Nav: Home

The Scream: What were those colorful, wavy clouds in Edvard Munch's famous painting?

July 23, 2018

What inspired the iconic red-and-yellow sky in The Scream, the painting by Norwegian artist Edvard Munch that sold for a record $119.9 million in 2012? Some say it was a volcanic sunset after the 1883 Krakatau eruption. Others think the wavy sky shows a scream from nature.

But scientists at Rutgers University-New Brunswick, University of Oxford and University of London suggest that nacreous, or "mother of pearl," clouds which can be seen in southern Norway inspired the dramatic scene in the painting. Their study is published in the Bulletin of the American Meteorological Society.

"What's screaming is the sky and the person in the painting is putting his or her hands over their ears so they can't hear the scream," said Alan Robock, study co-author and distinguished professor in the Department of Environmental Sciences at Rutgers-New Brunswick. "If you read what Munch wrote, the sky was screaming blood and fire."

There are four known versions of The Scream: an 1893 tempera on cardboard; an 1893 crayon on cardboard; an 1895 pastel on cardboard that billionaire Leon Black bought for nearly $120 million at auction; and a tempera on hard cardboard thought to have been painted in 1910.

Iridescent light from below the horizon illuminates polar stratospheric clouds, also known as nacreous clouds. Robock said the sky colors and patterns in Munch's paintings match sunset colors better when nacreous clouds are present versus other scenarios.

The study builds on a 2017 study that also proposed nacreous clouds. The new study provides a more detailed and scientific analysis of Munch's paintings, focusing on photographs of volcanic sunsets and nacreous clouds and analyzing the color content and cloud patterns. If the new analysis is correct, Munch's art is one of the earliest visual documentations of nacreous clouds, the study says.

Robock and others have previously proposed that a volcanic sunset inspired the painting, and he still thinks that's possible.

"We don't know if Munch painted exactly what he saw," Robock said. "He could have been influenced by the Krakatau sunset and nacreous clouds and combined them."
-end-
The study was peer-reviewed and accepted in January 2018 and was published online and in print this month

Rutgers University

Related Clouds Articles:

First intensive measurements of shallow cumulus clouds over the Inner Mongolia Grassland
An intensive radiosonde experiment was performed over the Inner Mongolia Grassland in the summer of 2014, and the findings constitute the first report of shallow cumulus clouds observations over this region.
Hidden secrets of Orion's clouds
This spectacular new image is one of the largest near-infrared high-resolution mosaics of the Orion A molecular cloud, the nearest known massive star factory, lying about 1350 light-years from Earth.
Clouds are impeding global warming... for now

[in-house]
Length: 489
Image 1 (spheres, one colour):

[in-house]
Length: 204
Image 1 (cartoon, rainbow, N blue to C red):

Lawrence Livermore National Laboratory researchers have identified a mechanism that causes low clouds -- and their influence on Earth's energy balance -- to respond differently to global warming depending on their spatial pattern.
NASA looks at major Hurricane Matthew's winds, clouds
As Hurricane Matthew continues to crawl along the southeastern U.S.
Thin tropical clouds cool the climate
Thin clouds at about 5 km altitude are more ubiquitous in the tropics than previously thought and they have a substantial cooling effect on climate.
Fewer low clouds in the tropics
With the help of satellite data, ETH scientists have shown that low-level cloud cover in the tropics thins out as the earth warms.
Vision through the clouds
Poor weather can often make the operation of rescue helicopters a highly risky business, and sometimes even impossible.
Airplanes make clouds brighter
Clouds may have a net warming or cooling effect on climate.
Aerosols strengthen storm clouds, according to new study
An abundance of aerosol particles in the atmosphere can increase the lifespans of large storm clouds by delaying rainfall, making the clouds grow larger and live longer, and producing more extreme storms, according to new research from the University of Texas at Austin.
Swirling ammonia lies below Jupiter's thick clouds
Using radio waves, astronomers have been able to peer through Jupiter's thick clouds, gaining insights into the gas giant's atmosphere, a new study reports.

Related Clouds Reading:

Best Science Podcasts 2019

We have hand picked the best science podcasts for 2019. Sit back and enjoy new science podcasts updated daily from your favorite science news services and scientists.
Now Playing: TED Radio Hour

Bias And Perception
How does bias distort our thinking, our listening, our beliefs... and even our search results? How can we fight it? This hour, TED speakers explore ideas about the unconscious biases that shape us. Guests include writer and broadcaster Yassmin Abdel-Magied, climatologist J. Marshall Shepherd, journalist Andreas Ekström, and experimental psychologist Tony Salvador.
Now Playing: Science for the People

#514 Arctic Energy (Rebroadcast)
This week we're looking at how alternative energy works in the arctic. We speak to Louie Azzolini and Linda Todd from the Arctic Energy Alliance, a non-profit helping communities reduce their energy usage and transition to more affordable and sustainable forms of energy. And the lessons they're learning along the way can help those of us further south.